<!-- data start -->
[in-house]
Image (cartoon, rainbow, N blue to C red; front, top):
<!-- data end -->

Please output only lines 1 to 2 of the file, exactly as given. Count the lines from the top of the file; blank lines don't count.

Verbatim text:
[in-house]
Image (cartoon, rainbow, N blue to C red; front, top):